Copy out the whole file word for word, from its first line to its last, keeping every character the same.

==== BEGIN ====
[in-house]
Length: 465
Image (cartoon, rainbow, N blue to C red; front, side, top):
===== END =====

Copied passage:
[in-house]
Length: 465
Image (cartoon, rainbow, N blue to C red; front, side, top):